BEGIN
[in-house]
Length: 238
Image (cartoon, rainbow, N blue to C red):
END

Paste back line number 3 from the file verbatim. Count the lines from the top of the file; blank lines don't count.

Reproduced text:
Image (cartoon, rainbow, N blue to C red):